A second question, again from Kelly, but this time to Governor John Kasich, was also worth noting. But this time it’s the answer that was problematic. To a question about “same-sex marriage” Kasich replied:

“…I happen to believe in traditional marriage. But I’ve also said the court has ruled…and I said we’ll accept it. And guess what, I just went to a wedding of a friend of mine who happens to be gay. Because somebody doesn’t think the way I do, doesn’t mean that I can’t care about them or can’t love them. So if one of my daughters happened to be that, of course I would love them and I would accept them. Because you know what? That’s what we’re taught when we have strong faith.”

Where do I begin? First, he says, “the court has ruled…and I said we’ll accept it.” Well, I won’t accept it. It is the law, but it’s an unjust immoral law, and it must be fought and changed. The court once said blacks did not have human rights and it still says that you can kill unborn babies: did/do we “accept” that?

Second, we should absolutely never go to so called “gay weddings” because they celebrate immoral relationships and acts, as well as a desecration of marriage. We can love someone without going to their “wedding,” but we cannot go to their “wedding” without sending the message that we celebrate/approve what they are doing. In fact, if we really love someone who suffers from same-sex attraction we should kindly and respectfully inform them we cannot support what they are doing, even though we won’t stop loving them and being there for them. Same-sex “marriage” (as well as SS sexual acts) is/are bad for the persons and society. We cannot love someone and celebrate them hurting themselves and others.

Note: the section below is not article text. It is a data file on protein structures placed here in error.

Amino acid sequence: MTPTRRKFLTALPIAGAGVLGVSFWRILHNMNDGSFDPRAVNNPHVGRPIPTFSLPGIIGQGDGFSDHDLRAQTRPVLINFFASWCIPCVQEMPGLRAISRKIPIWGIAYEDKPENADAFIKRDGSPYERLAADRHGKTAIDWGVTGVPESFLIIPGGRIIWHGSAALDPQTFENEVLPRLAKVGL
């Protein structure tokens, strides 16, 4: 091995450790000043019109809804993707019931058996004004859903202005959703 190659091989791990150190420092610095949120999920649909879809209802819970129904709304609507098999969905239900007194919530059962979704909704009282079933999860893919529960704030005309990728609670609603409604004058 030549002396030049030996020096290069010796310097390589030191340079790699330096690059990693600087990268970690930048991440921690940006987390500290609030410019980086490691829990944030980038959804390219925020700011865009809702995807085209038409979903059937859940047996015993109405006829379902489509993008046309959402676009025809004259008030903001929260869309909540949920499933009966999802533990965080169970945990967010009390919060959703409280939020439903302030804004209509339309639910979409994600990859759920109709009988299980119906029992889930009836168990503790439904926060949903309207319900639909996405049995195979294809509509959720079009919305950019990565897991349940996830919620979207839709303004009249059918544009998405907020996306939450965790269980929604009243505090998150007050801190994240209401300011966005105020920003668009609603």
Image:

Third, that’s not “what we’re taught when we have strong faith.” This just another example of the distortion of our faith that people use to try to justify their sins. Our faith tells us to “love our neighbor,” but loving someone doesn’t mean we have to “accept” the things they do that are sinful and bad for them or others. Last Wednesday we read at Mass Jesus’ instruction to correct sinners, first in private, then in public. And He concludes, “If he refuses to listen … treat him as you would a Gentile or a tax collector”—in other words, completely avoid them. I’m not saying we should completely avoid people with same-sex attraction, but we should completely avoid celebrations of their same-sex attraction, e.g., so called “gay weddings.”


Parishioners Moving, Volunteers Needed. I mentioned a few weeks back that several parishioners are moving this summer due to transfers or retirement. All of them will be missed as dear brothers and sisters in Christ. But many of them will also be missed for their very generous volunteer work in the parish. This creates opportunities for the rest of our good parishioners to be even more involved in the work of the parish. In particular, we have some big shoes to fill in teaching religious education, CCD, as several of our excellent catechists have left us. Please prayerfully consider whether the Lord is asking you to help in this or other volunteer activities.


Oremus pro invicem.  Fr. De Celles